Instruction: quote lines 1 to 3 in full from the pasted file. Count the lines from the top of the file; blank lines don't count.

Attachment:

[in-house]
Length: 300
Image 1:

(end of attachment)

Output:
[in-house]
Length: 300
Image 1: